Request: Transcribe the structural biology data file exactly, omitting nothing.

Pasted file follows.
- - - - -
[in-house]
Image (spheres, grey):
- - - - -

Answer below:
[in-house]
Image (spheres, grey):